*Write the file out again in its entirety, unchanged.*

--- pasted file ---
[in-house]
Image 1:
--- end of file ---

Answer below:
[in-house]
Image 1: